DUNN, N.C. (WTVD) -- April 15 is Jackie Robinson Day across the nation. Annually, players, coaches, and managers throughout professional baseball don Robinson's No. 42.
Robinson, of course, made history as the first African American to play in Major League Baseball on April 15, 1947, with the Brooklyn Dodgers.
Dunn resident, Clifford Layton, who was a teen when Robinson broke the color barrier, recalls the significance of what Robinson did for players like him.
"Oh man, it was exciting to watch Jackie," Layton said. "Jackie meant so much to me because he had such a great attitude. And he was showing you within himself, what you're going to be confronted with one day and how you can handle it.
I mean, you got to have a calm spirit because you're going to run against opposition from time to time," Layton continued. "And you gotta know how to handle that. And, we got to teach that to children."
Layton was inspired by Robinson and went on to pitch in the Negro Leagues playing for the Metros in the early 1940s and the Raleigh Tigers in 1949.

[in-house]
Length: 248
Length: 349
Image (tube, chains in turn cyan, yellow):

"I don't like to talk about my ability to play baseball," Layton said. "But I believe that I was one of the best ballplayers ever to step out on the field. Absolutely. And when I think in terms of Jackie, I used to copy some of his athletic ability. He just had something that other guys just wish they had."
Layton spent four years playing in the Negro Leagues. He was inducted into the Negro League Legends Hall of Fame in 2003.
Robinson's uniform number, 42, was retired across all Major League Baseball teams in 1997. However, New York Yankees closer Mariano Rivera continued to wear No. 42 until he retired in 2013.
Dunn resident and Negro League Hall of Famer reflects on Jackie Robinson Day
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